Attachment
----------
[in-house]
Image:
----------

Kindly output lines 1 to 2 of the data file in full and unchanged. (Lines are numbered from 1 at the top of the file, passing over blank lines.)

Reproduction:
[in-house]
Image: